Mr Roberts said NSW introduced the world’s first strata title law in 1961 and led again in 1989 with laws enabling the development of community schemes that allowed for multiple dwellings on one piece of land. Similar laws have since been adopted around Australia and throughout the world.
“NSW will again set the benchmark. Out of this reform process, we will produce more modern, effective and friendly laws that enable easy community living and shared arrangements.”
“We will cut red tape and repetition, streamline and strengthen laws and remove anything that strangles good governance or inhibits necessary protections for people.”
Almost three quarters of all schemes have 10 lots or less but all are compelled to elect a committee. Just over half of all lots in NSW are currently investor owned. In some schemes tenants make up all or the majority of residents and yet they have no voting rights and can’t attend committee meetings.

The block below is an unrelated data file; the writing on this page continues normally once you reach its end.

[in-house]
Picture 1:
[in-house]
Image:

Around 60 percent of all schemes in NSW are managed by a licensed strata managing agent and it’s close to 100 percent in large and complex schemes. About one quarter of all disputes that come to Fair Trading are about the conduct of managing agents.
About 30 percent of residential strata schemes in the Sydney metropolitan area were registered more than 30 years ago. Many older buildings, some nearing 100 years old, have been converted to strata title.
Renewal or termination of schemes is an urgent issue in some developments. Urban consolidation demands will mean many low density existing schemes will need renewal, yet community and majority interests can conflict with those of the individual. Many buildings are not economical to keep repairing and maintaining. We need a fair and reasonable way of allowing schemes to be redeveloped in the best interests of the community.